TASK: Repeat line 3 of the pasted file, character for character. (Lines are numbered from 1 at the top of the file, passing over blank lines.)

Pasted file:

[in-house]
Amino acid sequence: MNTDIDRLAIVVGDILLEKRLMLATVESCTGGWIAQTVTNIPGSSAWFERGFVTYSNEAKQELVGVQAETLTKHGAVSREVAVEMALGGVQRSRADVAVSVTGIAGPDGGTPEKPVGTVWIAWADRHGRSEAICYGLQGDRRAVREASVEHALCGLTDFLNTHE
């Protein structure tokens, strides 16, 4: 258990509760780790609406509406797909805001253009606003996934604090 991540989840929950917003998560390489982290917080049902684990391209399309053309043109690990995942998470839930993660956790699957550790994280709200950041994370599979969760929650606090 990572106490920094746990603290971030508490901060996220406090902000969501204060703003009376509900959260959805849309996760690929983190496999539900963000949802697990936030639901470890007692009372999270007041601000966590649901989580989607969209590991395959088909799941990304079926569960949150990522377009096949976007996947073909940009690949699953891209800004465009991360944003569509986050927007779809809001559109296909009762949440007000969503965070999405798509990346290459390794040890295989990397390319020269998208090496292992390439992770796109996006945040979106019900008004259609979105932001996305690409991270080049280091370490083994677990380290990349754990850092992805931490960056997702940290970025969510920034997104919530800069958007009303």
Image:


């Protein structure tokens, strides 16, 4: 258990509760780790609406509406797909805001253009606003996934604090 991540989840929950917003998560390489982290917080049902684990391209399309053309043109690990995942998470839930993660956790699957550790994280709200950041994370599979969760929650606090 990572106490920094746990603290971030508490901060996220406090902000969501204060703003009376509900959260959805849309996760690929983190496999539900963000949802697990936030639901470890007692009372999270007041601000966590649901989580989607969209590991395959088909799941990304079926569960949150990522377009096949976007996947073909940009690949699953891209800004465009991360944003569509986050927007779809809001559109296909009762949440007000969503965070999405798509990346290459390794040890295989990397390319020269998208090496292992390439992770796109996006945040979106019900008004259609979105932001996305690409991270080049280091370490083994677990380290990349754990850092992805931490960056997702940290970025969510920034997104919530800069958007009303």